From 1941-1965, the Canadian Farm Radio Forum operated as a mechanism for rural adult education, using the radio as a means of spanning Canada’s geographic distances and therefore reaching large numbers of Canadians simultaneously. Advertised as a discussion group for Canadian farm families, the Farm Radio Forum was equally established to empower rural Canadians, who were particularly hard-hit by the Great Depression: the goal was to help them develop solutions to the economic challenges they faced.
Sponsored by the Canadian Association for Adult Education, the Canadian Federation of Agriculture, and the Canadian Broadcasting Corporation, the Farm Radio Forum launched in Ontario, the Maritime provinces, and English-speaking Quebec in January 1941. In the fall of 1941, the Farm Radio Forum expanded into western Canada. Farm Forum groups were organized in communities across the country, with provincial committees established to coordinate with the national office. At its peak in 1949, some 1600 groups were registered with the Farm Radio Forum, with over 21,000 individuals tuning into the weekly broadcast. The average size of a Farm Forum group was about 15-17 members, although some could be as small as 5-6 or as large as 35-40.
Farm Forum groups would typically gather at a neighbour’s home to listen to the broadcast. The Farm Radio Forum broadcast aired every Monday night from November to March. Each broadcast was 25 minutes long, followed by a 5 minute provincial newscast with a summary of local activities. The broadcasts themselves used a variety of formats, from speeches and interviews to expert discussion panels to dramatizations set on the fictional “Sunnybridge Farm.” The broadcasts addressed a wide range of topics, such as “Should Farmers Grow More?,” “Can We Pay Off Our Mortgages?,” and “The Farmer’s Image.” A Farm Forum Guide with information and articles about each topic was distributed to Farm Forum members a week in advance, so that members could study the topic before the broadcast aired. These Farm Forum Guides also provided groups with sets of questions to facilitate discussion following the broadcast – this discussion could last anywhere from 30 minutes to two or even three hours. Following the discussion, each group would report back to the Provincial Farm Forum Secretary with their conclusions, and every fourth week the radio broadcast would feature a summary of Farm Forum groups’ opinions from across the country.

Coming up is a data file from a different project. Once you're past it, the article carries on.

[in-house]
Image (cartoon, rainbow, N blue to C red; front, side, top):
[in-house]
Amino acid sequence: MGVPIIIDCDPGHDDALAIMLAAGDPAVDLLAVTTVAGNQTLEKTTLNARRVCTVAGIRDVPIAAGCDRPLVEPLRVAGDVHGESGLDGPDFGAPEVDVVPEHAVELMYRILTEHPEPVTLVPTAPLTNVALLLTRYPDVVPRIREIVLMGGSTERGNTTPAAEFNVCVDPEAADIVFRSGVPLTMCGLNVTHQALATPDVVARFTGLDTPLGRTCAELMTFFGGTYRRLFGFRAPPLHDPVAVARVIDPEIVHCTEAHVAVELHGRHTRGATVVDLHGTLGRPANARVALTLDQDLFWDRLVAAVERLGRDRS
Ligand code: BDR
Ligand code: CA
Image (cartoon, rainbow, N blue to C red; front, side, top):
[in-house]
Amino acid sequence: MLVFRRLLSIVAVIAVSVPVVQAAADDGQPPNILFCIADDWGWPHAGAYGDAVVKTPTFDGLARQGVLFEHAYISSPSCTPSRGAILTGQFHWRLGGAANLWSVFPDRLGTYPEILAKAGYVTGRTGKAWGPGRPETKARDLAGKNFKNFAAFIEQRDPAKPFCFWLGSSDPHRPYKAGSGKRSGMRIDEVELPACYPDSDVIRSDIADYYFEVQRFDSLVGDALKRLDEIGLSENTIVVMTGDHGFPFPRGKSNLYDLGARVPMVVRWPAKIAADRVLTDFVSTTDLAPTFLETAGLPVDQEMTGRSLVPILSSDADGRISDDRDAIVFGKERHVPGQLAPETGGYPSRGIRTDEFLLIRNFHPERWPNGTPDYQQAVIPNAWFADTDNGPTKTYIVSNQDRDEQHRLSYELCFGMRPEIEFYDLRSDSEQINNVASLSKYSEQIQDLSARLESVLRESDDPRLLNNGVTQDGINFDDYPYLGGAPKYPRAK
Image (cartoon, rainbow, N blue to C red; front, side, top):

According to the 1949 Farm Radio Forum Handbook, in addition to fostering educational discussion, the Farm Radio Forum increased neighbourliness, broadened members’ horizons, and even influenced public opinion. Furthermore, the problem solving ethos of the Farm Radio Forum resulted in concrete community projects. These projects varied according to local needs, and included building recreation facilities such as skating rinks and swimming pools, livestock vaccinations and disease control, road improvement, rural mail delivery, purchasing school equipment, providing school bus services, building community halls, and extending electrical and telephone service to rural homes, as well as giving donations to existing charities.
The Radio Forum model of adult education was adopted in other parts of the world in the 1950s, including India, France, and Ghana. Founded in 1979, Farm Radio International continued to carry out this type of programming and today supports farmers and rural communities in over 30 African countries.
The Farm Radio Forum resources here at the OISE Library include pamphlets, reports, programs, newsletters, correspondence, planning documents, newspaper articles, and photographs. A selection of materials will be on display in the glass table on the ground floor of the OISE Library through the summer.